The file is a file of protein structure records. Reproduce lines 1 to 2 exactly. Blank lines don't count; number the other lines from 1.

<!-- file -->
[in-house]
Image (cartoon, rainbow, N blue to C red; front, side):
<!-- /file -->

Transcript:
[in-house]
Image (cartoon, rainbow, N blue to C red; front, side):